TIScript: classes, decorators and events.

One of differences of TIScript from JavaScript is that it has classes and namespaces.

Declaration of a class in source code looks like this:

class Baz
  function foo() { ... }
  property bar(v) { ... }
  // ... other functions, properties, variables,
  // constants and decorator calls ...

As you see class declartion in TIScript is pretty similar to the ones in Java or in C++. The only difference is that in TIScript class declaration is an executable (in runtime) entity. While parsing the class declaration above the compiler produces bytecode that is equivalent of this:

const Baz = new Class();
      Baz.foo = function() { .... }
      Baz.bar = property(v) { .... }

So while loading bytecodes produced by the compiler TIScript VM will execute sequence of commands to build such class object.

As class construction is an executable chunk of code then, in principle, we can modify/synthesize class declarations in runtime. And decorators in TIScript are just about this – they allow to execute decorator functions in context of class that is being declared.

Decorator is an ordinary function with the name starting from ‘@’ character. It should have at least one parameter that will receive reference to the object being decorated.

Example of the decorator function, the @returns decorator creates proxy function around call of declarating function and verifies its return value:

function @returns(func, returnType)
   return function(params..)
      var r = func.apply(this,params);
      assert typeof r == returnType;
      return r;

Having such decorator in place we can declare methods of classes with checks of their return values:

class Zum
   @returns #integer
     function Add(i1,i2) {...}

The @returns #int function()...  here is a decorator function invocation. Under the hood all this will produce following code:

const Zum = new Class();
      Zum.Add = @returns( function(i1,i2) {...}, #integer );

Call of the @returns() creates proxy for its parameter function. The result (the proxy function) will be assigned to the Add field of the class object. As you may see decorators are pretty much syntax sugar that if properly used may increase expressiveness of your code a lot.

The this environment variable inside the decorator function is getting reference to the context object of the decorator call. E.g. inside class declaration this inside decorator function body will contain reference to the class object.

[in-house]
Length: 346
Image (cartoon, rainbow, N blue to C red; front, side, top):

TIScript supports three types of decorators in total:

  1. Function decorators:  @decorator [...params..] function() { ... }
  2. Class (or namespace) decorators: @decorator [...params..] class { ... }
  3. Empty decorators: @decorator [...params..] ;

Last one – empty decorator – is used in cases when it is a need to synthesize some properties or functions.

Here is practical example of empty decorators used to declare events in class VGrid (Sciter SDK/samples/ideas/virtual-grid/. Virtual Grid is created by Dmitrii Yakimov from http://activekitten.com).

class VGrid: Behavior
    const BUF_ROWS = 64;

   // Events supported by VGrid instances:

   // onCurrentRowChanged( this_grid, row )
   @DECLARE_EVENT #onCurrentRowChanged;

   // onHeaderClick( this_grid, evt, colNo, th )
   @DECLARE_EVENT #onHeaderClick;

   // onCellClick( this_grid, evt, colNo, rowNo, td)
   @DECLARE_EVENT #onCellClick;

   // onRowClick( this_grid, evt, rowNo, tr)
   @DECLARE_EVENT #onRowClick;

Each @DECLARE_EVENT eventName; decorator call here creates in the class these three fields:

  • property eventName(v) – that represents list of event handlers assigned to the grid instance by users of the class,
  • function notify_eventName() – function used internally by the class to "raise the event" and
  • var _eventName = [] – variable that holds a list (array) of event handlers (functions) attached to the event by users of the grid.

And here is the implementation of the @DECLARE_EVENT decorator function:

function @DECLARE_EVENT(dummy, eventName)
  // create symbols for the fields:
  var notify_sym = symbol( "notify_" + eventName.toString());
  var list_sym = symbol( "_" + eventName.toString());
  var prop_sym = eventName;

  // generate 'notify_' function:
  this[ notify_sym ] = // 'this' here is a class being decorated
      // 'this' here is VGrid *instance*
      var list = this[list_sym];
      if(typeof list == #array)
        // invoke each function in subscriptions list:
        for( var f in list )
          f.apply(this, this, params); // always pass 'this' in the
                                       // first param - source element
  // adding property  that allows to push
  this[prop_sym] = // 'this' here is a class being decorated,
                   // generating computable property for it.
      get { return this[list_sym] || (this[list_sym] = []); }
      set { throw String.$(Use element.{ list_sym }.push(func) 
                                             to subscribe to this event); }

The decorator function above is a bit cryptic but defintions like:

@DECLARE_EVENT #onCurrentRowChanged;
@DECLARE_EVENT #onHeaderClick;

allow to declare and see the whole event set in compact and convenient form.